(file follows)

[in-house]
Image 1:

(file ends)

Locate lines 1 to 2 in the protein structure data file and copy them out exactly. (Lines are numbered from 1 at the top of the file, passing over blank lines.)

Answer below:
[in-house]
Image 1: